A still of Ghazi Kayali in a cave in the Beqa’a Valley from the Netflix series Pandemics.



“Virus Hunter”

by Eric Eyges
Spring/Summer 2020

Ghazi Kayali is in a cave in the Beqaa Valley trailed by a team of filmmakers shooting the mini-series Pandemics for Netflix. They’re pointing their night vision cameras at stalactites dripping water, accentuating the silence. Kayali, or one his colleagues—it’s unclear in the darkness—shines his helmet light on a group of bats that screech in dismay.

Filmed during the 2018–19 flu season, Pandemics introduces Kayali as “a watchman,” a man on the frontier of the global struggle against would-be pandemics. “Virus hunter” is also a term now being circulated in the media to describe scientists like Kayali who spend their days in caves, fields, and on farms collecting blood, saliva, and fecal samples from animals in their search for pathogens that might make the leap from animal to human; the global scientific consensus is that the current strain of coronavirus infecting humans made just such a leap.

In the Netflix series, Kayali’s work represents virus hunters operating in the Middle East and North Africa. He says matter-of-factly that Human Link (HL)—the NGO he founded and through which he receives funding, operates labs, and does field research—is the only organization of its kind in the region. “I was looking for jobs after my post-doc in 2014. I had some offers to become an assistant professor, but that meant a lot of teaching. I enjoy being out in the field.”

HL collaborates on research in Lebanon with students and faculty from AUB. In Cairo, it operates through the Center for Scientific Excellence for Influenza Viruses, a partnership initiative with the Egyptian National Research Centre aimed at assisting the Egyptian government in combating bird flu (H5N1 and H9N2).

“I did my post-doc in animal influenza viruses, then focused on avian flu. There was extra funding coming in for Africa and the Middle East, so I moved to Cairo with that money and started working there.” HL, Kayali explains, operates in Lebanon as an NGO and in Cairo serves as a repository for research funds from its primary benefactor, the US National Institutes of Health.  

Money is one of the primary barriers to running a fieldwork-focused research lab in the Middle East. “It’s expensive work, much more than regular lab work. In any given year, I need $500,000 to run our lab. In the US, the most common lab grant is the R1 for $250,000. And that’s for US salary scales.”

Proper funding is also important because of the need for “biosecurity” that comes when dealing with live viruses that have the potential to escape and cause an outbreak.

“It’s been easy for us to shift to COVID-19 because we already had the tools available from our work on MERS.” The appearance of MERS-CoV in Saudi Arabia in 2012 helped HL get more access to research funds, “on top of what we were getting for the avian flu. We were able to establish a surveillance network in other Middle Eastern countries.”

Having studied infectious diseases since the 1990s, Kayali is able to see COVID-19 in the context of recent history. “For a long time people had forgotten about infectious diseases. Common ones like chickenpox and mumps had been brought under control. Then came a major outbreak of bird flu in Hong Kong and people started paying attention again.” Warzones, he says, tend to be hotspots for outbreaks, as has happened in Yemen where cholera has reappeared. “Infectious diseases return when you have a breakdown in health systems.”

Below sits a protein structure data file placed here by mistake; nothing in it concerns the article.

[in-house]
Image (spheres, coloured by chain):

The current pandemic, he says, is a pandemic because of its transmission rate. “For the flu it’s one [additional person infected per infected person], for SARS, it’s two to three. This one is moving around pretty quickly. People are shedding the virus and not showing symptoms.”

He offers much insight into the current global challenges with testing. “When the Chinese posted their genomic sequence [of the new coronavirus], several groups around the world immediately started developing their own protocols.” By this, he means taxonomies or ways of identifying the virus based on its biology. One firm may develop a test that looks for certain RNA markers, while another may develop a test that looks for different ones. A test results from a starting protocol or set of markers. There is no universal test, but labs in Germany and Hong Kong developed protocols soon after the new sequence appeared. And companies around the world continue to develop and improve tests based on different protocols.

“The CDC decided to develop their own assay [test], and it didn’t work,” Kayali says. Scientists from the CDC read the sequence and created a protocol and a test kit, but they had to withdraw it after having distributed it to state hospitals around the country. “They did what they were supposed to do. You can always have a technical problem somewhere along the line. Maybe it was a faulty reagent, maybe human error. You never know.”

Could America’s testing problem be solved by public health insurance? “It’s about economics.” Kayali explains that it costs more to run a lab in Europe or the United States, and so it costs more for those countries to develop tests, than say, China. The costs of testing will go down as the supply increases, and, one assumes, testing will become more widespread. “As Dr. Fauci would tell you, testing is what’s important,” Kayali says with a smile.  

In the long run, Kayali sees a “one health” philosophy as key to addressing potential pandemics. He emphasizes the idea that animal, human, and environmental health are interconnected and must be considered that way when it comes to public health. “It’s not a new philosophy. A physician and a veterinarian came up with the TB vaccine,” he says.  

Proper funding is also important because of the need for ‘biosecurity’ that comes when dealing with live viruses that have the potential to escape and cause an outbreak.